Sterile lab testing in ballistic gelatin is great, but the ultimate laboratory is the street. Here are the loads that seem to be doing best there, input written in blood from gunfights police departments that have experienced with these ammunition.
Defensive ammunition choice is about picking what works best to neutralize armed and dangerous human beings before they can maim or murder. Scientific testing of ammo in ballistic gelatin can help predict bullet performance in the field, but at the end of the day, it is the performance and not the prediction that will matter.
Thirty-four years of carrying a sworn police officer’s badge, 20 years as chair of the firearms committee of the American Society of Law Enforcement trainers, and several years now on the advisory board of the International Law Enforcement Educators and Trainers Association combined with several trips to major seminars of groups like the International Law Enforcement Firearms Instructors Association and the International Homicide Investigators Seminars gave me a solid base of cops who’ve investigated a lot of shootings for their departments.
These aren’t “war stories,” they are full investigations of shootings including evidence recovery, complete autopsy and forensic ballistic testing protocols, and intensive debriefings of the shooters and the witnesses. From that collective pool of knowledge emerges a profile of which duty cartridges perform the best.
Obviously, police issue ammunition is used in a significant majority of these shootings. That’s why police duty calibers and loads have the strongest “databases” to learn from. Fortunately for armed citizens, they and the police tend to choose the same calibers.
Picking a load that has proven itself on duty with the police gives the armed citizen added confidence in what their chosen gun/cartridge combination can deliver. Using ammunition that is widely issued to police is a strong defense against unmeritorious courtroom allegations such as, “He used evil hollow point bullets that rend and tear, and that shows he had malice in his heart!”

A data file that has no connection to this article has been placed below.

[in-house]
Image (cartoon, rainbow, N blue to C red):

Let’s look at what the street feedback is indicating is working best these days.
Concealed carry permit instructors tell me that the .38 Special revolver, usually in compact short-barrel form, is one of the most common guns brought to their classes by students, and often the single gun that their graduates most commonly carry on the street. For most of the 20th Century, this caliber revolver was also by far the most popular in law enforcement, with plainclothes and off-duty officers generally carrying “snubbies,” and uniformed personnel generally carrying larger framed, longer barrel models.
Today, there are still thousands of senior cops carrying “grandfathered” .38 revolvers on duty in New York City and Chicago, and many more who carry them as backup or off-duty guns. In fact, the snub nose .38 seems to be the most popular police backup handgun to this day, and is still widely used for off-duty carry. Only two cartridges really stand out as head and shoulders above the large pack of available .38 Special rounds. These are the “FBI load” and the “New York load.”
The FBI load gets its sobriquet from the fact that this round was adopted by the Federal Bureau of Investigation circa 1972, right after Winchester introduced it. It was also adopted by the Chicago PD, and remains the .38 Special load of issue there to this day. Metro-Dade (now Miami-Dade) police likewise found it to perform superbly, as did cops throughout America, and it continues to be known by some locally as the “Chicago load” or “Metro load.” This cartridge comprises an all-lead, semi-wadcutter shaped hollow point bullet at +P velocity.